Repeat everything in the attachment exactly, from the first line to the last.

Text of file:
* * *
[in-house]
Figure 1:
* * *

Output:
[in-house]
Figure 1: